Morningstar Rating

Stock Research and Analysis

by Liang Feng

Bulls Say

Superior brand recognition and convenient value-added products allow Hormel to introduce new products and charge higher prices for its products than its meat processing peers.
Several of Hormel’s products (Skippy and Spam, for instance) carry international brand recognition, and could benefit from rapidly growing demand for value-added proteins in regions like Asia.
Hormel should benefit from strong growth in undeveloped distribution channels, such as convenience stores, by pushing protein supplements (Muscle Milk, for instance) and convenient on-the-go meals (such as Rev). Read more 

Bears Say

Spending on product innovation and marketing support will be increasingly necessary as a result of heightened competition from branded and private-label offerings, which are fighting for increasing share of consumer’s limited discretionary dollars.
Surging price inflation for soybean and corn commodities could dramatically increase Hormel's feed costs and pressure margins.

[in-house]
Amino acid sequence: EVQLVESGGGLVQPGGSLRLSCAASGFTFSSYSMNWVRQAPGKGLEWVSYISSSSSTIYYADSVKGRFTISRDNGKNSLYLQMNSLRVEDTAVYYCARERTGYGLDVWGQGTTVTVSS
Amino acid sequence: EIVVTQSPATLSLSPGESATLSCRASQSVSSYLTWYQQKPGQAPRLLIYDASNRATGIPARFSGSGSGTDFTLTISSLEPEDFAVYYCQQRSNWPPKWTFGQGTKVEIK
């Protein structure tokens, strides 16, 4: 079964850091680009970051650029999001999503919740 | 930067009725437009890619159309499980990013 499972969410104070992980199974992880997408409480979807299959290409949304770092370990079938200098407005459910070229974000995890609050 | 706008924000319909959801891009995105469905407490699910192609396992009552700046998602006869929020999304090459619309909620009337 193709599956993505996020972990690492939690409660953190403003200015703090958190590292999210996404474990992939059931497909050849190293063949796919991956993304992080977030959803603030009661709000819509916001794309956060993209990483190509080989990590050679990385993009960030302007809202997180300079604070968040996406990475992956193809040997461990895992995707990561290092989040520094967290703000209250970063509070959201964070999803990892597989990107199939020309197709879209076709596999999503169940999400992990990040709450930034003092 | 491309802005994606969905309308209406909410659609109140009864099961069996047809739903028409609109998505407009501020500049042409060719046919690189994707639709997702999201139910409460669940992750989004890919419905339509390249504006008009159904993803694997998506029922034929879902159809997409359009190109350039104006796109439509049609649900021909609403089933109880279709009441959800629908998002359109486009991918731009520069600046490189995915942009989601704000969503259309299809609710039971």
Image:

The negotiating leverage of retailers could increase at the expense of packaged meat companies and could make raising prices even more difficult for Hormel in the future. Read more 


Jeffrey Ettinger has spent more than 20 years with Hormel, assuming the positions of chairman, president, and CEO in 2006. We think his experience working in the Jennie-O Turkey Store segment should serve the firm and its shareholders well, although   Read more 


Hormel manufactures and distributes value-added meat products consisting primarily of pork and turkey. A large portion of the firm's revenue comes from perishable products   Read more 

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